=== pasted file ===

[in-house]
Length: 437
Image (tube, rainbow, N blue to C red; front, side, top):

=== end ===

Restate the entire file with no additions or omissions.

[in-house]
Length: 437
Image (tube, rainbow, N blue to C red; front, side, top):